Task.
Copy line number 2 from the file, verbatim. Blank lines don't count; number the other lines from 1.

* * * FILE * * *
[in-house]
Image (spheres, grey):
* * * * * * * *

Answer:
Image (spheres, grey):